Why I'm Envious of the Church in Marvel's 'Daredevil'

No, it's not the new coffee maker.
Why I'm Envious of the Church in Marvel's 'Daredevil'

I have to confess: I’m envious of the church in Netflix’s Daredevil. I want Matt Murdock, the titular vigilante of New York’s Hell’s Kitchen, to be a Baptist. I want him to come to my church for counsel about the issues he wrestles with in his fight against injustice. I want our evangelical faith to have the kind of gravitas that would draw a battered and bruised superhero through our open doors.

Over the course of the hit series’ first season, Matt’s battle against the crime lord Wilson Fisk forces him to consider the true cost of sin. As a fledgling crimefighter, Matt’s not naïve; he already knows how evil people are and how much more evil they are capable of becoming. But the wealthy, sadistic, and self-assured Fisk seems so hideous, so untouchable by the law, that death-by-vigilantism seems to be the only way to bring him to justice.

This moral dilemma pushes Matt back to the Catholic church of his youth, where he begins to sporadically meet with his priest, Father Lantom. In one such visit, after Lantom offers Matt counsel—and a latte from the church’s newly donated coffee maker—they sit in the sanctuary and discuss the value of human life. Matt is surrounded by hopelessness, and though his friends offer some comfort, his moonlight crusading prevents him from confiding in them. Father Lantom, however, knows about Matt’s attempts to be the guardian of Hell’s Kitchen—and because of his relationship with Matt through the church, he is able to guide him and even offer some relief.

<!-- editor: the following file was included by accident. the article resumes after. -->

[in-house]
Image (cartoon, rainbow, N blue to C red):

But he also challenges him. While Lantom affirms what Matt already knows—that there is evil in the world—he also sees what Matt has trouble seeing: the undeniable presence of goodness. He counsels Matt not to kill his nemesis, not only because Fisk is a human being who, like all human beings, can be redeemed, but also because doing so would only diminish Matt’s own humanity.

When Matt leaves the church, his path forward has not been made easier; in fact, Lantom’s warning raises the stakes. If Matt continues down a path of violence, he isn’t just in danger of losing Hell’s Kitchen. He may also lose his soul.

In the end, then, Father Lantom and the church are strong anchors that keep Matt from becoming as big a monster as Fisk. Even though Matt operates outside of the law, his faith is such that he submits, at least partially, to the law of God mediated to him through his local body—largely because it serves as a place of refuge and light in the midst of the city’s deadly shadows.

As ministry leaders, we are privileged to shepherd a church that can be this kind of a beacon in a dark, dark world—a place where matters of life and death, of heaven and hell, of body and soul can be discussed sincerely and seriously, and where sinners can come to confess and draw strength to stay on the straight and narrow.

I want my church to be a place like that.

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